While developing deformable mirrors for adaptive optics, and while studying scintillations, we also tested the method of curvature sensing and different variants of it. By very carefully adjusting the optics we were able to discern variations on the scale of one nanometer. The limited dynamic range of the detectors and various optical artifacts caused systematic and random errors of 5 - 8 percent. Calibration of the measurements turned out to be a difficult issue as well. One of the main problems with non-atmospheric measurements was vignetting. We suspect that strong atmospheric scintillation might cause similar problems in curvature sensing, because of light scattered outside the measurement aperture, leading to errors in the estimated wave front phase. We looked into measuring turbulence along the optical path, by comparing field data of both Hartmann- Shack and intensity sensors collected under similar conditions. It seems that some of the turbulence can be tracked back to its range, but this is still being tested. If so, it might be possible to correct it using multi- conjugate optics and reduce significantly scintillation effects. Scintillation can also be removed artificially by correcting a scaled-up version of the turbulence at a scaled-down conjugate distance and vice versa.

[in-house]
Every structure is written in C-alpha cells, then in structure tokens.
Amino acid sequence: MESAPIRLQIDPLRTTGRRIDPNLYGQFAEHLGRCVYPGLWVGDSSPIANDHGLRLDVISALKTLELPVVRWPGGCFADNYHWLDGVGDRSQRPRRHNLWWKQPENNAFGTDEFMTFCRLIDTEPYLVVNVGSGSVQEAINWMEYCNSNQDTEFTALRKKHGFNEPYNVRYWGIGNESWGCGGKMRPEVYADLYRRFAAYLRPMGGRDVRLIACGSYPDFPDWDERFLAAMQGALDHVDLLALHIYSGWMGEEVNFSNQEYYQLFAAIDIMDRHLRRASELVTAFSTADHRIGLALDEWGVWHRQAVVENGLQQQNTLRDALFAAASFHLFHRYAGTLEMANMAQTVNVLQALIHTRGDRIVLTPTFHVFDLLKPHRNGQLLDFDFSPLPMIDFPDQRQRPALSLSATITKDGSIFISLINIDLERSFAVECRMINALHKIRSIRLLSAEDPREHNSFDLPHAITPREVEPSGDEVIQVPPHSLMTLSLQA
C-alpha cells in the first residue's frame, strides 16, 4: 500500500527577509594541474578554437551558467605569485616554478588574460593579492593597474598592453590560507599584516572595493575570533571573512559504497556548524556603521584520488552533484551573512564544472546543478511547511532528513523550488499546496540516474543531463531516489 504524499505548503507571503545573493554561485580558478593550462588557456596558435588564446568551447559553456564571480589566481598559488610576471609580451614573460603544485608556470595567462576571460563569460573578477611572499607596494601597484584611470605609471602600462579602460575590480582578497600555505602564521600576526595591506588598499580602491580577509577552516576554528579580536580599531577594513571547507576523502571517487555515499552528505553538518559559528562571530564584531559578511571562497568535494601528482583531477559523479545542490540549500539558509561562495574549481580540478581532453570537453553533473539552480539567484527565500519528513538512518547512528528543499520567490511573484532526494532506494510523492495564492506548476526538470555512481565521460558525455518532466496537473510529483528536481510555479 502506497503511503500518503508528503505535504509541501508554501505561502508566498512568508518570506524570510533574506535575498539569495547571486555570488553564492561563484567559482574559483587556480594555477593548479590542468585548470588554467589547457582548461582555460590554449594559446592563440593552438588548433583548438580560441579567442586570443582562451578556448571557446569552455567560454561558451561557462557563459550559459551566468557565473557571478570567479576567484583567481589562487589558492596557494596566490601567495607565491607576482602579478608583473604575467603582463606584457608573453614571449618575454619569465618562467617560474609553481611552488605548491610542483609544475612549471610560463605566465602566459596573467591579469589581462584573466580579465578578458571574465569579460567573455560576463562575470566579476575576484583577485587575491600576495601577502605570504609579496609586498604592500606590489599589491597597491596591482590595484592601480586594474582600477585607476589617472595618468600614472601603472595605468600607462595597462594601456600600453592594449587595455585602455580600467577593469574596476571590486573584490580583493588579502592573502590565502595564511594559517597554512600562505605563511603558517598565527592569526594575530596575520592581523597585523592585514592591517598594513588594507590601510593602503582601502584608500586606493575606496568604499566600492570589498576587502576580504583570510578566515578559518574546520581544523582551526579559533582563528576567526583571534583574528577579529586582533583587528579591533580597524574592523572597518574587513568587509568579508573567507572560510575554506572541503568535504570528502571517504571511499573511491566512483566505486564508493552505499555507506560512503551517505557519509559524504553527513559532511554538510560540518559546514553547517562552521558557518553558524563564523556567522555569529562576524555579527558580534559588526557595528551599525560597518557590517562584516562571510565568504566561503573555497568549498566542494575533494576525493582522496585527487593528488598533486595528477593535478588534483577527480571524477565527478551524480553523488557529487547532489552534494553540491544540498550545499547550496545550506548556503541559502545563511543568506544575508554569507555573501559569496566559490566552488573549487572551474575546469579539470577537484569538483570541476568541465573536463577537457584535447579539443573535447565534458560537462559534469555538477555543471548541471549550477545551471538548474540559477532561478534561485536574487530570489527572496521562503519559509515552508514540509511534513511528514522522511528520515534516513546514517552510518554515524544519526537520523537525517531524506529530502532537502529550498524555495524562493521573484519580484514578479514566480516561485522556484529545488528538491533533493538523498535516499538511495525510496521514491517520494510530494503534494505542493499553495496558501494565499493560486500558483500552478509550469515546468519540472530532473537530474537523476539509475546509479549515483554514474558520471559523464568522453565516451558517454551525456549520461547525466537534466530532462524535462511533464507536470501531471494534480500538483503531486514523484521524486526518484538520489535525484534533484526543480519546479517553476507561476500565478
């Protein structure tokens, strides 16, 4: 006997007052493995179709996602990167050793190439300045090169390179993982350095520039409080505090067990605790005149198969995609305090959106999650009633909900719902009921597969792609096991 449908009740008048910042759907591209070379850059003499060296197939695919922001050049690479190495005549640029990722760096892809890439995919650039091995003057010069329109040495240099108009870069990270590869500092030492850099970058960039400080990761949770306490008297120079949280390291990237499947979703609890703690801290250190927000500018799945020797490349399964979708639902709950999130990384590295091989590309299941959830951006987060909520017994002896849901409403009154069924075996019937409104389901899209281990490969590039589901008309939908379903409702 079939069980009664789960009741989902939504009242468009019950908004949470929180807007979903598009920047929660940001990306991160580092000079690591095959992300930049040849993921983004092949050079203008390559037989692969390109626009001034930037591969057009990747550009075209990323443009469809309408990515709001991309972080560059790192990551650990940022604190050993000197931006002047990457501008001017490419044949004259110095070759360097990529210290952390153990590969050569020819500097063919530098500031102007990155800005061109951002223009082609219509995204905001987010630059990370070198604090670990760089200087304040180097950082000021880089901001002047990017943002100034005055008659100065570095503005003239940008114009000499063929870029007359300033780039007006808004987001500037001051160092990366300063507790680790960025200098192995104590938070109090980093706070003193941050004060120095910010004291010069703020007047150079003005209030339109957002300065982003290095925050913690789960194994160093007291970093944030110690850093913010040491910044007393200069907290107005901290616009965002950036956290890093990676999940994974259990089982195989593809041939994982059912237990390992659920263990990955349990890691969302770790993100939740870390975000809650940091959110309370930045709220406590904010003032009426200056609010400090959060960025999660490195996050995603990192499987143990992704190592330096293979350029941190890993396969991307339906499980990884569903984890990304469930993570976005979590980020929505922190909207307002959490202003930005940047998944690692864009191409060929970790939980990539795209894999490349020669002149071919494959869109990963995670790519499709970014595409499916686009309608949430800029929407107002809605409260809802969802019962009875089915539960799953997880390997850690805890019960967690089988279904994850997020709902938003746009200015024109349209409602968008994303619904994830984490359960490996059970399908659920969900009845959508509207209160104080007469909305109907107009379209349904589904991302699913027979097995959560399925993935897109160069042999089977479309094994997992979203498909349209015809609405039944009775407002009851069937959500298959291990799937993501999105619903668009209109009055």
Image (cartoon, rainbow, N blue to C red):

Erez N. Ribak, Erez N. Ribak,
"Experimental limits on curvature sensing", Proc. SPIE 3866, Optics in Atmospheric Propagation and Adaptive Systems III, (10 December 1999); doi: 10.1117/12.371329; https://doi.org/10.1117/12.371329